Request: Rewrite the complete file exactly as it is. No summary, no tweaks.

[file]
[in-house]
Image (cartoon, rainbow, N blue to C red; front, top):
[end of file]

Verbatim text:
[in-house]
Image (cartoon, rainbow, N blue to C red; front, top):